Danish labour-market pensions administrator PKA reported a 1.7% overall return on investments for 2015, down from the 10.9% it produced the year before.

But it said alternatives performed well, with catastrophe bonds generating 15.7%.

PKA, which runs three pension funds for employees in the healthcare and social-care sectors, said the 1.7% return was higher than the benchmark return, meaning its investment activities had in fact produced DKK5.6bn (€751m) more than the market average.

Members’ pension savings will be credited with 4.8% in account interest for 2016, in line with the 2015 level paid out.

Michael Nellemann Pedersen, investment director at PKA, said: “PKA is a robust pension fund, and that gives us the option of giving pensioners an extra boost.”

Alternatives performed well last year, PKA said, returning 7%.

It said it now had approximately DKK72bn invested in alternatives, a category that does not include emerging-markets debt or high-yield bonds.

Within this category, investments in catastrophe bonds returned 15.7%, the pension fund reported.

PKA has DKK10.2bn invested in catastrophe bonds, which are insurance-linked securities that transfer a specific set of risks from an insurer to investors.

The first catastrophe bonds were issued in the 1990s in the wake of Hurricane Andrew in the US in 1992.

PKA said its investments in offshore wind farms gave it a return of 7.2% last year, while property returned 7.5% and direct private equity generated 21.7%.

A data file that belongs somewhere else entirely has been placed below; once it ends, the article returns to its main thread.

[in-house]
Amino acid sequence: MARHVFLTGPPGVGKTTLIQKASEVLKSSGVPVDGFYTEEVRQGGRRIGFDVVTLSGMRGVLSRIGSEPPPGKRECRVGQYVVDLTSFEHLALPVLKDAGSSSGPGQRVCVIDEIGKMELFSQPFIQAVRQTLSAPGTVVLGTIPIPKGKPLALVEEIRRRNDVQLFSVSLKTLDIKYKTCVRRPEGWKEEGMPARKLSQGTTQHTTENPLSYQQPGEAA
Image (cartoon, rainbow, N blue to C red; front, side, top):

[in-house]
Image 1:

Over the last few years, alternatives have produced an average annual return of 7%, it said.

Nellemann Pedersen said PKA would continue its alternatives strategy in 2016 and gradually increase its allocation to this area.

“We expect to have 25% of our investments in alternatives in a few years’ time compared with 22% today, corresponding to an increase of DKK10bn,” he said.

He said the fund was taking the same stance with its real estate investment.

“Alternatives ensure stability in the portfolio also in those years when the returns on traditional investments in equities and bonds are modest,” he said.

The pension company’s global shares portfolio returned 4.8% in 2015, while the global bond portfolio produced a 1.2% return.

PKA said its administration costs per member had fallen by DKK50 per member in 2016 to DKK400 per member.

Over the last five years, these costs came down by 25%.

Member contributions rose to DKK7.5bn in 2015 from DKK7.3bn the year before.

Total assets rose to DKK235bn, up from around DKK215bn.